|Kayak Helmets: Major Info, The Best and The Worst !!!|

kayak helmet

Last updated on September 2, 2022

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When you’re in danger, use your head! This doesn’t only mean philosophically but also literally. Whether you’re in calm or rapid waters, kayaking isn’t completely safe. You might get run over by boats, slam with other Kayakers, or slam unto rocks. It’s essential to protect your head while kayaking. Always wear a kayak helmet because it will help you enjoy the liberty of old age. As like PFD (Personal Flotation Device), the helmet is another ultimate necessary gear you should wear.

Knowing about helmets is as crucial as learning about kayaks. For instance, some types of helmets perform well for kayaking, while others are utterly useless. Having a good helmet is tantamount to safer extreme kayaking. That said, don’t hesitate about getting one.

Let’s talk about helmets for a while. Get your coffee, sit on the couch or sofa, and read what I have to say.

Open Face Helmet/ Half Cut Helmet

The open-face helmet (half-cut helmet) is a type of helmet that covers the uppermost portion of the head. To be specific, it protects the parietal and frontal lobes of the skull. Other areas, on the other hand, are left unprotected. This includes the sides of the head, the back, and the front.

Some Kayakers prefer the open face helmet because it’s very airy. As a result, its the best helmet to wear during warm seasons. However, its drawback is that it doesn’t offer foolproof protection. It would be best if you opted to layer an open face helmet with a thin head garment to upgrade its protective effect.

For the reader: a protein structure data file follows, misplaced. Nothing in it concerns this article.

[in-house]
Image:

Pros and Cons of Open Face Helmet

Pros

  • the airiest type of kayak helmet
  • not uncomfortable on the head
  • lightweight and non-bulky
  • very affordable

Cons

  • doesn’t absorb damage from all directions
  • gets cracked easily

Full-Cut Helmet 

The full-cut helmet covers the upper portion and the sides of the skull entirely. Compared to the open face helmet that only protects the parietal and frontal lobe, the full-cut helmet also protects the temporal lobe, sphenoid, and occipital lobe. The full-cut helmet provides more protection than the open face helmet. Consider having it for kayaking in class 2 or 3 rapids.

Your ears get covered when wearing a full cut helmet. As a result, it decreases hearing slightly. Don’t worry about this issue because the ears will eventually adjust and you’ll still be able to listen to others well

There are also full-cut helmets that are suitable for cold water kayaking. Usually, they come with a thin lining of fleece on the inside to keep the head warm.

Pros and Cons of Full-Cut Helmet

Pros

  • covers most of the head except the face
  • doesn’t crack easily
  • warm and great for cold water kayaking

Cons

  • bulky
  • might feel uncomfortable for some
  • feels very hot when worn on warm seasons

Full Face Helmet

Last is the full-face helmet. This kind of helmet covers not only the sides and upper portion of the skull but also the face. The full-face helmet is ideal for class 4 or class 5 water, which feature a lot of sharp protruding rocks. You should consider buying this even if you already have a full-cut or half-cut helmet. Wear the full-face helmet for extreme wave kayaking. Aside from the brain, it also protects your looks.

Pros and Cons of Full Face Helmet

Pros

  • provides the best protection out of all types of kayak helmet